I'm about to lecture my grade five-and-a-half kid about the stuffing of her snowpants into the secret compartment of her fancy Land's End backpack, when the memory of a winter coat creeps in and silences me like the overnight snowfall that waits for us on the other side of the front door.
I was in grade nine and sitting about halfway back on the bus—not all the way in the back with the older boys and cool girls, but close enough that I was on the periphery. Sometime during the school day, a blizzard came and blasted the neighbourhood. It was still raging and as we approached our stop. And there, like a mirage in a snowy sandstorm, stood my mother and a coat.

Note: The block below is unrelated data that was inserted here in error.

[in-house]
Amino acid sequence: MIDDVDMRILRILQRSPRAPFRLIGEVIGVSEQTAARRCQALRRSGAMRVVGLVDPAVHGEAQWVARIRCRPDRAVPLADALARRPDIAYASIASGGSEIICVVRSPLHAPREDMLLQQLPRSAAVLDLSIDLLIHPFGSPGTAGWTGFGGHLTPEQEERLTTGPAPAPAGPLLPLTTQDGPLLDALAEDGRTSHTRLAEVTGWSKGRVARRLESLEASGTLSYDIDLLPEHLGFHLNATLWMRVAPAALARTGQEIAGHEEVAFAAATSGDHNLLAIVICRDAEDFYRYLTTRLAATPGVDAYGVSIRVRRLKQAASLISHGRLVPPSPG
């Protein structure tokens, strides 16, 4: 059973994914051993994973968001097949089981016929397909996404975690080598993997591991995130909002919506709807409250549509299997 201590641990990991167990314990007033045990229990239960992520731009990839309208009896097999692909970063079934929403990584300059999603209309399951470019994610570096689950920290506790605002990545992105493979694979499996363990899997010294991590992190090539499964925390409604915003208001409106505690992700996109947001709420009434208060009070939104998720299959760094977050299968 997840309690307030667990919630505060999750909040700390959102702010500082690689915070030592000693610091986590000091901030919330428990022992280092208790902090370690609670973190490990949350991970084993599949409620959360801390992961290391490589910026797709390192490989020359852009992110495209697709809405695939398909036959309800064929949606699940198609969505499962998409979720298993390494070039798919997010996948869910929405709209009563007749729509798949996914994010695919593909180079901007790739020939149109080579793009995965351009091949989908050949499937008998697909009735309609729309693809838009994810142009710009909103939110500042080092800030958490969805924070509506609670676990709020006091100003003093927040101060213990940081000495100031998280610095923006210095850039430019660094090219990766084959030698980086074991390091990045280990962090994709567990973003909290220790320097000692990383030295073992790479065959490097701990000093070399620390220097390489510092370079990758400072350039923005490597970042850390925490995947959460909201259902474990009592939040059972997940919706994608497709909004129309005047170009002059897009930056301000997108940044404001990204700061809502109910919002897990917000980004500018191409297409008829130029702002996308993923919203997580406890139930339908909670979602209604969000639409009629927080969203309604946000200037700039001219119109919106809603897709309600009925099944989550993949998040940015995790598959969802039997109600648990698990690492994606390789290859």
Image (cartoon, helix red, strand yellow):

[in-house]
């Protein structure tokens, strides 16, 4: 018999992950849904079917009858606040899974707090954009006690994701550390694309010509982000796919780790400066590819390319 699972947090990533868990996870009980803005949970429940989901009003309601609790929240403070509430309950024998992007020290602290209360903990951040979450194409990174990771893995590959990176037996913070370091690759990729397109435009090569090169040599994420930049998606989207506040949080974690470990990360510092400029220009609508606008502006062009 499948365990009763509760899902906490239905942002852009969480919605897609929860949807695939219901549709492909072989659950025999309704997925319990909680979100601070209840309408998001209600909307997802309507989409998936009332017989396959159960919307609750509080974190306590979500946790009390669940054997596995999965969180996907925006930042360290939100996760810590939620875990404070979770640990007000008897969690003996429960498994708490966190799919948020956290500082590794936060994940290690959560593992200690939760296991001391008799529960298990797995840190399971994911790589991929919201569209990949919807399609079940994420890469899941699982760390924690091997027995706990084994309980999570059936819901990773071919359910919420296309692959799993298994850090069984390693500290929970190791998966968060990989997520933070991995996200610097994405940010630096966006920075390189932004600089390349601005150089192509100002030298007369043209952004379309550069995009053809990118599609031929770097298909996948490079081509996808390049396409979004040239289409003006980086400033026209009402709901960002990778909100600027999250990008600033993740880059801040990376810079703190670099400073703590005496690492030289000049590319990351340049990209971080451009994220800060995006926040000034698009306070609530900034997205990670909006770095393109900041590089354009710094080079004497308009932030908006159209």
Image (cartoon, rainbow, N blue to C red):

She hadn't walked me to school since grade two and was never one to like the cold. She waited with her hood drawn tightly around her face, almost unrecognizable but for the coat she had folded across her arm.
It was puffy and long. It was also cotton-candy pink and off the rack of a discount department store. My parents, and their hard-earned money, never bought into the designer clothes I wanted them to (thank you for that, by the way). They bought whatever made sense, like a warm coat for a good price. They gave it to me and I stuffed in the front hall closet, where they assumed it was waiting for a cold day.
Even now I can hear the voice inside my head with its indignant scream, "Why would she do THIS to me?" The "Why would do this FOR me?" got lost in the howling noise. A mom and an ugly coat I was sure I'd lost my seat on the bus.
I stormed past her and her gesture feeling justified in my choice. Only years later, did I realize the rejection of the coast
My own daugther has her back